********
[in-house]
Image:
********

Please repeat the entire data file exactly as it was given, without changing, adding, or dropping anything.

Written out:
[in-house]
Image: